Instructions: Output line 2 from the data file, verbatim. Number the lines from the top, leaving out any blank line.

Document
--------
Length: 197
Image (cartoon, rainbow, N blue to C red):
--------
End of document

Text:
Image (cartoon, rainbow, N blue to C red):